"Good" unemployment news turns sour

Let's hope it's just statistical noise. New jobless claims data undermines the theory that the worst of the recession is over.

By Andrew Leonard
Published May 14, 2009 2:08PM (EDT)

Last week, I called the sharp drop in weekly filings for unemployment benefits "unambiguously the best news on employment the U.S. economy has witnessed in many months." The reason: There appears to be a strong correlation between a peak in the four week "moving average" of weekly jobless claims and the bottom of a recession. And we appeared to have summitted that peak in early April.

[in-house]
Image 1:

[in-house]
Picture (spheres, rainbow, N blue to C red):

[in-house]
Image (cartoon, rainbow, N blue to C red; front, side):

Thursday's figures require a more cautious appraisal. Jobless claims jumped up sharply, by 34,000, and the four week moving average also rose, for the first time in several weeks. The new numbers do not yet prove that the April peak was false, and could, with good reason, be dismissed as statistical "noise." But they definitely weaken the case that some optimists were building, and in combination with Wednesday's news on foreclosures and retail spending, they deepen the economic gloom.

Andrew Leonard

Andrew Leonard is a staff writer at Salon. On Twitter, @koxinga21.

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